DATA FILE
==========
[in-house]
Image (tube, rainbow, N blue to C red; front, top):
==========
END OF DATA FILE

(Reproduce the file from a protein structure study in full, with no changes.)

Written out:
[in-house]
Image (tube, rainbow, N blue to C red; front, top):